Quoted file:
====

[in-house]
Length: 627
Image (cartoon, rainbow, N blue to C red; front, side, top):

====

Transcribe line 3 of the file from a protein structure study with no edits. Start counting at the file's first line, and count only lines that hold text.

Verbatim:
Image (cartoon, rainbow, N blue to C red; front, side, top):